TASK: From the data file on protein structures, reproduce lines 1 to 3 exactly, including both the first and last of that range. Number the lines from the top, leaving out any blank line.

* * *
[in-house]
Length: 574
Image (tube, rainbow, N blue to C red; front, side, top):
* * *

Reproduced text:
[in-house]
Length: 574
Image (tube, rainbow, N blue to C red; front, side, top):